For this reason my role is now CEO. This is to ensure that there is one person accountable for driving our strategy and ideas into changes for the business. Historically our day jobs got in the way of the non urgent but important changes that came out of our strategy meetings.

Those of you who know me will know that I’m not the most outgoing of people - I’m firmly in the introverted techy camp. The reason Will and I work well together is that he isn’t quite so techy at heart and is firmly in the extrovert camp. This split has always worked well and the split will remain. Will’s roles will continue to be looking after the public facing roles of a traditional CEO. This means evangelising Distilled, and continuing to build our network.

To help this more strategic focus Sarah, our COO will be taking on even more of the day to day tactical management challenges.

Getting to where we want to be.

The competitive nature of Will and I means we are never satisfied with the way things are. We are always looking for ways to improve and better ourselves. Historically, with our lack of strategic focus we have been restricted to making incremental improvements to our business. The next challenge, and my major role as CEO is to look at where we want to get to, and implement any changes necessary to get there. This should result in Distilled getting further, and ending up stronger than if we continue to incrementally better ourselves. Given how proud we are of where we are at the moment, this is exciting times indeed. This subtle change, and the fact that we are giving ourselves the permission and the structure necessary to get to where we want to be, means that once again Distilled feels exciting. For Will and I it feels like (once again) we are setting up a new company. The entrepreneurial feeling is back, the excitement of thinking where we can push ourselves is once again getting the competitive juices flowing.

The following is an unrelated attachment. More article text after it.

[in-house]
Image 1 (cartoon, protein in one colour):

Stay tuned to watch where we can get to. For those of you not already subscribed, now would be a good to sign up. You don’t want to miss out on something good.